I Am a Beautiful Monster
Poetry, Prose, and Provocation
- "Best of Category", General Trade Nonillustrated, in the 2008 New England Book Show sponsored by Bookbuilders of Boston.
488 pp., 7 x 9 in, 20 b&w illus.
- Published: February 10, 2012
- Publisher: The MIT Press
- Published: September 21, 2007
- Publisher: The MIT Press
The first definitive edition in English of writings by poet, painter, pickpocket-plagiarist, and consummate anti-artist Francis Picabia, one of Dada's leading figures.
Poet, painter, self-described funny guy, idiot, failure, pickpocket, and anti-artist par excellence, Francis Picabia was a defining figure in the Dada movement; indeed, André Breton called Picabia one of the only “true” Dadas. Yet very little of Picabia's poetry and prose has been translated into English, and his literary experiments have never been the subject of close critical study. I Am a Beautiful Monster is the first definitive edition in English of Picabia's writings, gathering a sizable array of Picabia's poetry and prose and, most importantly, providing a critical context for it with an extensive introduction and detailed notes by the translator.
Picabia's poetry and prose is belligerent, abstract, polemical, radical, and sometimes simply baffling. For too long, Picabia's writings have been presented as raw events, rule-breaking manifestations of inspirational carpe diem. This book reveals them to be something entirely different: maddening in their resistance to meaning, full of outrageous posturing, and hiding a frail, confused, and fitful personality behind egoistic bravura.
I Am a Beautiful Monster provides the texts of of Picabia's significant publications, all presented complete, many of them accompanied by their original illustrations.
Picabia's manifestos, essays, and poems, well known in France, are presented here for the first time in a complete English edition, ably translated and annoted by Marc Lowenthal. From the early exuberant poems in Fifty-Two Mirrors to his erotically charged Thoughts without Language, to his 'Cannibal' manifesto and Surrealist screenplays, Picabia's writings constitute a fascinating chapter in the history of the avant-garde.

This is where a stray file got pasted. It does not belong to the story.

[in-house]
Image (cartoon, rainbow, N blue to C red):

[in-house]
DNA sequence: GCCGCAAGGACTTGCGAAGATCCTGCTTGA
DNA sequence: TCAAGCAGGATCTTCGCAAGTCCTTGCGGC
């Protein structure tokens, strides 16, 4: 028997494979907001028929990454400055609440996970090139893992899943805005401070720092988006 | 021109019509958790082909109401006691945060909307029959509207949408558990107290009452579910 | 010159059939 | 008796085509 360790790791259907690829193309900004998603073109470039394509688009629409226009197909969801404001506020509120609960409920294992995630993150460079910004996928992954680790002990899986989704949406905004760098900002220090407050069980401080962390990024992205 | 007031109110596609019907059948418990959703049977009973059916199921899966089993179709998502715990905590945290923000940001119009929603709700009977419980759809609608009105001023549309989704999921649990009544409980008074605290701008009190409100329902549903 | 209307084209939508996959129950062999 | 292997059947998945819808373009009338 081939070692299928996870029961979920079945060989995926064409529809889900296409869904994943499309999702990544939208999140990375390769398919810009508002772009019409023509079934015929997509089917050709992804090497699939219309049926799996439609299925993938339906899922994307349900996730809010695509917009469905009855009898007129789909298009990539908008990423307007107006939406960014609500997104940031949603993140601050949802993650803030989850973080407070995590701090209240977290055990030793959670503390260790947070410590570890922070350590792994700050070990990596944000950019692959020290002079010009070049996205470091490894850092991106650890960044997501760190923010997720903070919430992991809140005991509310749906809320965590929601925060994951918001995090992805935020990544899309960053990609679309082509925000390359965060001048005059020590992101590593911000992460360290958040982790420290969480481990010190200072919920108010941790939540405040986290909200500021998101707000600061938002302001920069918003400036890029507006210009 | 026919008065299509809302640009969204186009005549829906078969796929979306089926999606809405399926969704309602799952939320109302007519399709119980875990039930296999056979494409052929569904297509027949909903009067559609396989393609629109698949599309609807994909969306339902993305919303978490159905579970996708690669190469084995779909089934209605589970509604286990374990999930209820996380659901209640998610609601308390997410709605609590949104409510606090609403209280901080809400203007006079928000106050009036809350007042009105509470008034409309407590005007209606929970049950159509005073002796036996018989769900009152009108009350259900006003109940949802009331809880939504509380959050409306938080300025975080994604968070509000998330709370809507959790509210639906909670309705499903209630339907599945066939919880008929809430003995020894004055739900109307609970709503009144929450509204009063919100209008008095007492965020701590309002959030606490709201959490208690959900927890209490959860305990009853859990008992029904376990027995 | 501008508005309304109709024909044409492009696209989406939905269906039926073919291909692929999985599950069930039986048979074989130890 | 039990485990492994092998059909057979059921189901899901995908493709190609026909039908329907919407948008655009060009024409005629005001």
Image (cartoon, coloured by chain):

Marjorie Perloff, Professor Emerita of English, Stanford University, and author of The Futurist Movement, and Radical Artifice
Like a number of other modernist masters–Schwitters, Arp, Picasso, Kandinsky–Picabia's reputation as an artist has long overshadowed, even hidden, his more than equal achievement as a writer and poet. Now, in Marc Lowenthal's masterful re-creation, the secret is finally out. Picabia emerges here full-blown among his contemporaries and as a forerunner to the most adventurous poets of our own time. Beautiful and monstrous by turns, the artist and his works are a testament to what happens when a poet creates up to and including his limits–and ours.
Jerome Rothenberg, Poet
This is a brilliant translation of Picabia's delightfully insufferable poetry. Witty, banal, explosive, aphoristic, and articulate, his deployment of source texts, collage, appropriation, and pastiche provide further proof that techniques often called postmodernist were fundamental to modernism.
Francis Picabia's raucous early Dada poems dare the unprecedented and traffic in the sheer possibilities of abstract shimmering gesture. His late aphorisms are startling bolts of congealed thought. Marc Lowenthal has done the history of radical modernist poetry a great service by bringing these works of exquisitely offbeat taste and intoxicating
Charles Bernstein, Donald T. Regan Professor of English at the University of Pennsylvania